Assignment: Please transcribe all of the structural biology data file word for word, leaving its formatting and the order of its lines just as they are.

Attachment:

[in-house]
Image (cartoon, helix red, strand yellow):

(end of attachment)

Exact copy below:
[in-house]
Image (cartoon, helix red, strand yellow):